To determine whether shared words between groups were the product of a deep shared ancestry as CAHGs or instead of the borrowing of similar terms from closely related farming languages, we fitted zero-inflated models with a Poisson link function for the count model and a binomial link function for the binary part. Our choice of model formulation is due to the nature of the dataset containing a large number of zeros (pairs not sharing words) for structural and sampling reasons106. In the models, we used either pairwise PMI distances, pairwise Glottolog distances or patristic phylogenetic distances, and either pairwise genetic distance based exclusively on CAHG genomic segments or spatial distance between groups to predict their number of shared musical instrument words (Supplementary Tables 1419). All predictor variables were standardized for comparability of coefficients. Given that genetic and spatial distances had a correlation coefficient of 0.760 (P < 0.001), we could not include both predictors in the same models as that could lead to a spurious reversal of estimates from one of the correlated predictors107. We could not fit similar models of subsistence tool terminology between groups because cases of shared terminologies were extremely limited.

Lastly, we determined the significance of cultural domain in word sharing by performing a paired Wilcoxon signed-rank test comparing the mean number of shared words between cultural dyads across cultural domains (that is, musical instruments versus subsistence tools).

Inferring processes of admixture in genetic and cultural data

To assess the relationship between geographic, cultural and genetic distances between populations, we performed three independent SpaceMix53 analyses aimed at retrieving the ten genetic and cultural pseudo-spatial positions of the CAHG groups in our sample with available genetic data and musical instrument and subsistence tool repertoires. For the genetic run, we used our masked data and the allele.frequency option of SpaceMix, with the sample_means option specifying for each of the 422,128 loci remaining in our dataset after masking, the average number of individuals in each population carrying a CAHG allele for that locus. For the musical instrument and subsistence tool runs, we used the count/total option of SpaceMix by generating a pseudo-genetic file in which each population was represented as a single diploid individual and the presence of a given instrument or tool was registered as a homozygous trait108. The geno–geographical and cultural–geographical coordinates generated were compared with the actual geographical coordinates visually and numerically.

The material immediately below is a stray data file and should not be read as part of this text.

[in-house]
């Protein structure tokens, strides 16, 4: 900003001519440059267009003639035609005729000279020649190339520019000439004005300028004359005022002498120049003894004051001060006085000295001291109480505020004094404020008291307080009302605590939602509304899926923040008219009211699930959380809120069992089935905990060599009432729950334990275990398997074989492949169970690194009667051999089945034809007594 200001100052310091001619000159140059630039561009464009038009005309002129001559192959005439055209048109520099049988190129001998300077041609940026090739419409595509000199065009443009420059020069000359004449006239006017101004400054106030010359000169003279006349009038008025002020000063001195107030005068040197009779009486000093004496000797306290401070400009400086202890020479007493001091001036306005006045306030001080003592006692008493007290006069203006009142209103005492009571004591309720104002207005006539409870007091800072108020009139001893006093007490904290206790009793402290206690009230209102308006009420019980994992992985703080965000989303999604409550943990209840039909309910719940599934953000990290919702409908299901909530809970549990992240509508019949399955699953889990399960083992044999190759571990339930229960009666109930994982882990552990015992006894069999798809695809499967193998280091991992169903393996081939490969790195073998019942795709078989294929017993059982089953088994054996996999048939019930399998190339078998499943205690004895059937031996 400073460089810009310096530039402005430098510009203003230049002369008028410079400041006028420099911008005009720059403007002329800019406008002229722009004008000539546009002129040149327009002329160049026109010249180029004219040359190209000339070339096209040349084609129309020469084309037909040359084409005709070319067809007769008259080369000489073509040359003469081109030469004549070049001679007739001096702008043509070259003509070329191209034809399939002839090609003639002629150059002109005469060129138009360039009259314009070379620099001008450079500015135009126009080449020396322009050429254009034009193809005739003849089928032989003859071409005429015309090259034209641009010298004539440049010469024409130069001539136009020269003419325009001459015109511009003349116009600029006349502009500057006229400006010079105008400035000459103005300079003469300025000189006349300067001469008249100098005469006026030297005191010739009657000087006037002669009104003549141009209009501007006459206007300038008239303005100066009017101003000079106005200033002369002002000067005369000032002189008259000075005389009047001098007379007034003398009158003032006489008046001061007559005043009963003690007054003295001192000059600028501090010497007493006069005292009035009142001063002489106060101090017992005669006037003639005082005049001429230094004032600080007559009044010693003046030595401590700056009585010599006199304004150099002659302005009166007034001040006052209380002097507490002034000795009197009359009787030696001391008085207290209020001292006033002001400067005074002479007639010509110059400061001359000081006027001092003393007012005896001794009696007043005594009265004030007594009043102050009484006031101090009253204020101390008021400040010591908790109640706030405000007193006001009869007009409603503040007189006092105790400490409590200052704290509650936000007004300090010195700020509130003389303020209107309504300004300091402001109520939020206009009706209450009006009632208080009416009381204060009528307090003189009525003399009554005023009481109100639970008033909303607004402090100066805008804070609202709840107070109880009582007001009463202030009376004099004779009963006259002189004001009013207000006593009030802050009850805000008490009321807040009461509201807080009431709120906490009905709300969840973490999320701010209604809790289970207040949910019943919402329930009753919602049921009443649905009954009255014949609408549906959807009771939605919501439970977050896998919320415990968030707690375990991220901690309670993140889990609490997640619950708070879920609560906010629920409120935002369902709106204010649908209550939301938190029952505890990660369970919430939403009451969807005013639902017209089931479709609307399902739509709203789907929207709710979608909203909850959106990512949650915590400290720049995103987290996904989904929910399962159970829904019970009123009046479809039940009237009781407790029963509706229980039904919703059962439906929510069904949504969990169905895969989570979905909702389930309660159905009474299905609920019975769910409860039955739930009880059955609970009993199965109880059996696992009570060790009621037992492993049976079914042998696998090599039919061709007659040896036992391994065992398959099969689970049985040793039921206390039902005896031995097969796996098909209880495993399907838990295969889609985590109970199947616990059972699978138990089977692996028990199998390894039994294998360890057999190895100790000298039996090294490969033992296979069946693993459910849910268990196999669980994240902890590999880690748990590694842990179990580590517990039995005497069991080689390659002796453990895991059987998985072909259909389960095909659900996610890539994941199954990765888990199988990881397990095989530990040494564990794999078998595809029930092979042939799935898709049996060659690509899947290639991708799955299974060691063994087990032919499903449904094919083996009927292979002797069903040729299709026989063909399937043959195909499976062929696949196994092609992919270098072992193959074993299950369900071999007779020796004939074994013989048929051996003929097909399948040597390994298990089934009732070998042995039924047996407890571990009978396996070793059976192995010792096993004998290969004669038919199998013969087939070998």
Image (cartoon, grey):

In addition, we used SpaceMix runs on genetic data to assess evidence for recent gene flow between CAHG groups following agriculturalist expansions by computing and visualizing sources and direction of recent admixture between populations109. For each population, admixture proportions were obtained by calculating the proportion of alleles estimated to come from that population’s inferred admixture source location (Supplementary Table 9 and ref. 109) as opposed to the population geo–genetic location. We then selected those populations with inferred admixture proportions >1% from the Markov chain Monte Carlo run with the highest posterior probability, which we plotted in Supplementary Fig. 13.

Reporting summary

Further information on research design is available in the Nature Portfolio Reporting Summary linked to this article.